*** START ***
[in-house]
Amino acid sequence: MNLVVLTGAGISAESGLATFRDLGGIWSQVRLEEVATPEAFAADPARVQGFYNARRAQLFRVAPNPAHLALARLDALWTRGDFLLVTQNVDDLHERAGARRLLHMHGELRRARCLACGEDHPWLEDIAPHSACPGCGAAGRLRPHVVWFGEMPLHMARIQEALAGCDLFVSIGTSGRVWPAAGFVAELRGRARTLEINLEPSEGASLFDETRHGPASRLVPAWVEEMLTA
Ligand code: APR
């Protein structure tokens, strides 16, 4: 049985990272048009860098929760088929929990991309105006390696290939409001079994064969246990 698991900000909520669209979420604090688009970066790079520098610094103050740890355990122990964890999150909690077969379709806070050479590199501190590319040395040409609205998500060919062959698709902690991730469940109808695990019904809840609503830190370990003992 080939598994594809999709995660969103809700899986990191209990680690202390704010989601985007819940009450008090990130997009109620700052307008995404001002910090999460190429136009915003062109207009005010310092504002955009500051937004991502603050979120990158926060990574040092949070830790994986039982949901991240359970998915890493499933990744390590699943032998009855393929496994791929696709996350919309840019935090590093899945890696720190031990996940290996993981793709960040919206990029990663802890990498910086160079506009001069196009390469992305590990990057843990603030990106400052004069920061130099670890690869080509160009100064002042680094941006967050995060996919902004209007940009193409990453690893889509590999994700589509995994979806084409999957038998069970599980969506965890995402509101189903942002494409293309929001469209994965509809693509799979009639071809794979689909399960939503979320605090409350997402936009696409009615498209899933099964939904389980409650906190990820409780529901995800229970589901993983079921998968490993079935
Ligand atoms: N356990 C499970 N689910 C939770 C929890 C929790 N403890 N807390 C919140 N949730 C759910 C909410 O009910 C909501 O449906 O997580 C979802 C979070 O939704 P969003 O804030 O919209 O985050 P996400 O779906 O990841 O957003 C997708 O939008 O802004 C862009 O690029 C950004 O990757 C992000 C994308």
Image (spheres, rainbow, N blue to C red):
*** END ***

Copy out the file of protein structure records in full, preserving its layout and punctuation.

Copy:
[in-house]
Amino acid sequence: MNLVVLTGAGISAESGLATFRDLGGIWSQVRLEEVATPEAFAADPARVQGFYNARRAQLFRVAPNPAHLALARLDALWTRGDFLLVTQNVDDLHERAGARRLLHMHGELRRARCLACGEDHPWLEDIAPHSACPGCGAAGRLRPHVVWFGEMPLHMARIQEALAGCDLFVSIGTSGRVWPAAGFVAELRGRARTLEINLEPSEGASLFDETRHGPASRLVPAWVEEMLTA
Ligand code: APR
């Protein structure tokens, strides 16, 4: 049985990272048009860098929760088929929990991309105006390696290939409001079994064969246990 698991900000909520669209979420604090688009970066790079520098610094103050740890355990122990964890999150909690077969379709806070050479590199501190590319040395040409609205998500060919062959698709902690991730469940109808695990019904809840609503830190370990003992 080939598994594809999709995660969103809700899986990191209990680690202390704010989601985007819940009450008090990130997009109620700052307008995404001002910090999460190429136009915003062109207009005010310092504002955009500051937004991502603050979120990158926060990574040092949070830790994986039982949901991240359970998915890493499933990744390590699943032998009855393929496994791929696709996350919309840019935090590093899945890696720190031990996940290996993981793709960040919206990029990663802890990498910086160079506009001069196009390469992305590990990057843990603030990106400052004069920061130099670890690869080509160009100064002042680094941006967050995060996919902004209007940009193409990453690893889509590999994700589509995994979806084409999957038998069970599980969506965890995402509101189903942002494409293309929001469209994965509809693509799979009639071809794979689909399960939503979320605090409350997402936009696409009615498209899933099964939904389980409650906190990820409780529901995800229970589901993983079921998968490993079935
Ligand atoms: N356990 C499970 N689910 C939770 C929890 C929790 N403890 N807390 C919140 N949730 C759910 C909410 O009910 C909501 O449906 O997580 C979802 C979070 O939704 P969003 O804030 O919209 O985050 P996400 O779906 O990841 O957003 C997708 O939008 O802004 C862009 O690029 C950004 O990757 C992000 C994308």
Image (spheres, rainbow, N blue to C red):